“Pipeline leak-detection system technology hasn’t advanced in the United States in quite some time,” Anthony Swift, an attorney with the Natural Resources Defense Council, said in an interview. “The U.S. doesn’t have a performance metric for how soon a leak detection system needs to detect a leak. Canada does.”
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The push for PHMSA to tighten its rules followed the break in an Enbridge Inc. pipeline near Marshall, Michigan, in June 2010. Enbridge, the largest transporter of Canadian crude to the U.S., knew of cracks in its pipeline and didn’t react to the rupture for 17 hours after it was discovered, leading to the nation’s most expensive onshore oil spill, the National Transportation Safety Board said in its report on the incident.
Oil from the spill was carried 35 miles downstream on the Kalamazoo River. Enbridge said the incident has cost it more than $1 billion, excluding insurance payouts.
In its report on that spill, the independent National Transportation Safety Board said PHMSA needed to take a series of actions that included: setting specific rules for pipeline operators about detecting and repairing cracks; issuing a notice to all operators about the causes of the Enbridge spill and how to “eliminate similar deficiencies”; and extending rules governing qualifications for control-room operators.
So far, PHMSA hasn’t fully implemented any of the eight items on the NTSB’s recommendation list, which was published on July 25, 2012. The agency said it’s working on it.
“The areas that require regulation are the ones that are going to take longer,” NTSB Vice Chairman Christopher Hart said. “We know there is movement” by PHMSA, he said.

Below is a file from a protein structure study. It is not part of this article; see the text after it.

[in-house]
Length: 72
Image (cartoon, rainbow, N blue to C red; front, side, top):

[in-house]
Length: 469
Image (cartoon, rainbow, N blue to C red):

Critics aren’t so sanguine.
“When there is a major incident like the Kalamazoo River spill, you would think they would get right on it,” said Jeff Ruch, the head of Public Employees for Environmental Responsibility, which is seeking public records from the agency. “Employees have come to us and said, ‘We are a sleepy, industry-dominated organization.’”
Congress passed legislation in 2011 that mandated the agency study leak detection and then formulate new rules to improve it. The resulting report, prepared by engineering consultants Kiefner & Associates Inc., found that of 766 pipeline releases between Jan. 1 2010 and July 7, 2012, only 23 were identified by leak detection systems.
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Operator ground crews, emergency responders and members of the public were more likely to find leaks.
The costs of a leak detection system, “are minor compared with other systems on the pipeline,” according to the report. “The difficulty lies in convincing operators of their value.”
U.S. operators must check for leaks by walking, driving or overflying their pipeline right-of-way every two weeks, according to John Stoody, a spokesman for the Washington-based Association of Oil Pipe Lines. In densely populated or environmentally sensitive areas, operators must file plans on the impact of a spill and the leak detection systems that may be required.
The operators rely on equipment already in place that monitors the flow of oil to detect leaks, according to the Kiefner & Associates report. Advanced systems use filament along the length of a pipeline or special cameras to detect petroleum vapors.
“They’re expensive,” Stoody said. “Are they worth the money?”